Grounded in learning theories, our work examines how technology can be leveraged to support student learning in a variety of authentic learning environments, from elementary classrooms to online corporate training. We also conduct research into how educators learn to integrate technology meaningfully into their practice and ways that teacher educators can support their students’ development of technology integration skills.
Learning Analytics and Adaptive Learning Technologies
Learning analytics is a field of inquiry that leverages data mining and analysis to understand and optimize learning experiences catered to individual students’ needs. Grounded on learning theories, the inquiry processes involve the measurement, collection, analysis, and reporting of data about learners. The research outcomes of learning analytics generate automatized data processing, learner modeling, and personalized feedback mechanisms that enable us to advance adaptive learning technologies.
An exemplar project is SMART (Student Mental Model Analyzer for Research and Teaching). SMART is a free, online formative assessment and feedback platform that helps teachers to adapt problem-centered pedagogies to individual students by informing them of individual students’ learning progressions toward building an appropriate knowledge structure. SMART uses students’ textual explanations (e.g. a short essay) to assess and represent the students’ understandings of a problem situation. SMART can be implemented in various educational areas such as complex problem-solving in STEM, reading comprehension, and writing.
Computer science and digital literacy are rapidly becoming required for personal and professional life. Relatively few people, however, have access to computing education, especially people from groups that are underrepresented in computing including women, people of color, people from low-income families, and people in rural communities.
Our research addresses this problem by exploring ways to improve programming education, especially in online learning environments. We work with many different types of learners, including undergraduates, teachers, and K-12 students, and our collaborations with the Georgia Department of Education and Code.org ensure that this research impacts those who need to learn computing today for a better tomorrow.
Maker-Inspired Teaching and Learning
The maker movement is a growing community of individuals who engage in making, which is the construction, deconstruction, or remixing of physical or digital artifacts. Making typically occurs within a diverse community of people, situated both in local spaces (e.g., makerspaces, libraries, afterschool programs, etc.) and in broader online communities within which makers share both the processes and products of their making. As part of growing efforts to create K-12 learning environments that are more student-centered, contextualized, and authentic, educators and researchers are looking toward the maker movement as a source of inspiration.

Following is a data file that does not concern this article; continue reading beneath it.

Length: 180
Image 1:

Our research explores how learning is impacted when students engage in the active construction of public digital and/or physical artifacts, and what teaching infrastructures are needed to support the development of such learning environments. Specific projects related to this research focus include exploring different models for developing teachers’ capacities to integrate making into their curricula, developing an instrument to measure maker mindsets, and understanding how making can contribute to the development of a sense of empowerment among young makers.
Professional Microcredentials & Digital Badges
The purpose of the Professional Microcredentials & Digital Badges program is to provide opportunities for Learning Services professionals to earn microcredentials to fill critical competency gaps identified by their employers in keys areas of high business value and expected return on investment such as project management, instructional design, eLearning development, and corporate learning analytics. Unique in the approach is to provide evidence of knowledge and skill acquisition through the use of work products and artifacts created by learners that demonstrate accomplishment of the stated learning outcomes.
The evidence produced by learners is evaluated using professional standards of practice from industry standards and academic accrediting institutions. Finally, the learner is awarded a digital badge as an electronic credential from Georgia State University. The digital badge contains the credential information such as the primary skill, individual learning outcomes, assessment standards, and viewable work products attached electronically to the badge that can be uploaded and shared to various professional social networking sites.